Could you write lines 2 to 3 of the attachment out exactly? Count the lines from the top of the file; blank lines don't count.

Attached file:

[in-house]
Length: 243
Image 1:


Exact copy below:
Length: 243
Image 1: